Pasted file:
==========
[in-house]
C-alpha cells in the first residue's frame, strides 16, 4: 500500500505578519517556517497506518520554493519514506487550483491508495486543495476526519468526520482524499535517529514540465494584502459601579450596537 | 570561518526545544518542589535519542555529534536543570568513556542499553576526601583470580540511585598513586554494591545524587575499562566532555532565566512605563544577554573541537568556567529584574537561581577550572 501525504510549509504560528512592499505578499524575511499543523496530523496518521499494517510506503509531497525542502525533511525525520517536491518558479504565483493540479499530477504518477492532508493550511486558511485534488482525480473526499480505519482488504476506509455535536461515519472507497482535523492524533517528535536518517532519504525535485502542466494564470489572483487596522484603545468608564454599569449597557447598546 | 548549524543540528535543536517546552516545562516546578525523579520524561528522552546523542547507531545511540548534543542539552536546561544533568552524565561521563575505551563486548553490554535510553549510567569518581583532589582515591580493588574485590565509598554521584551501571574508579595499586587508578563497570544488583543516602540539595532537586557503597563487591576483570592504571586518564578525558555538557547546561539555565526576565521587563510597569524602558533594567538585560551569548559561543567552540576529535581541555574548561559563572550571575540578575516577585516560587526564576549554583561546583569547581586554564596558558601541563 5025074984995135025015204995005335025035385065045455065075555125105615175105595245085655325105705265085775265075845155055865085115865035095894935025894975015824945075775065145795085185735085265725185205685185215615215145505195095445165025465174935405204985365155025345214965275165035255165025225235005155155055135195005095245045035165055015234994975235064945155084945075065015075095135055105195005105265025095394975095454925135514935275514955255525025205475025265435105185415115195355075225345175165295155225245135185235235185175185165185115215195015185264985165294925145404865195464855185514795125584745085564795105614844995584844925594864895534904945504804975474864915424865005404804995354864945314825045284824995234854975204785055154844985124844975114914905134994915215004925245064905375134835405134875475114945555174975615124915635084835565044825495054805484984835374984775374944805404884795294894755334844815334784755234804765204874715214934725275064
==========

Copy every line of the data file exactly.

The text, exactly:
[in-house]
C-alpha cells in the first residue's frame, strides 16, 4: 500500500505578519517556517497506518520554493519514506487550483491508495486543495476526519468526520482524499535517529514540465494584502459601579450596537 | 570561518526545544518542589535519542555529534536543570568513556542499553576526601583470580540511585598513586554494591545524587575499562566532555532565566512605563544577554573541537568556567529584574537561581577550572 501525504510549509504560528512592499505578499524575511499543523496530523496518521499494517510506503509531497525542502525533511525525520517536491518558479504565483493540479499530477504518477492532508493550511486558511485534488482525480473526499480505519482488504476506509455535536461515519472507497482535523492524533517528535536518517532519504525535485502542466494564470489572483487596522484603545468608564454599569449597557447598546 | 548549524543540528535543536517546552516545562516546578525523579520524561528522552546523542547507531545511540548534543542539552536546561544533568552524565561521563575505551563486548553490554535510553549510567569518581583532589582515591580493588574485590565509598554521584551501571574508579595499586587508578563497570544488583543516602540539595532537586557503597563487591576483570592504571586518564578525558555538557547546561539555565526576565521587563510597569524602558533594567538585560551569548559561543567552540576529535581541555574548561559563572550571575540578575516577585516560587526564576549554583561546583569547581586554564596558558601541563 5025074984995135025015204995005335025035385065045455065075555125105615175105595245085655325105705265085775265075845155055865085115865035095894935025894975015824945075775065145795085185735085265725185205685185215615215145505195095445165025465174935405204985365155025345214965275165035255165025225235005155155055135195005095245045035165055015234994975235064945155084945075065015075095135055105195005105265025095394975095454925135514935275514955255525025205475025265435105185415115195355075225345175165295155225245135185235235185175185165185115215195015185264985165294925145404865195464855185514795125584745085564795105614844995584844925594864895534904945504804975474864915424865005404804995354864945314825045284824995234854975204785055154844985124844975114914905134994915215004925245064905375134835405134875475114945555174975615124915635084835565044825495054805484984835374984775374944805404884795294894755334844815334784755234804765204874715214934725275064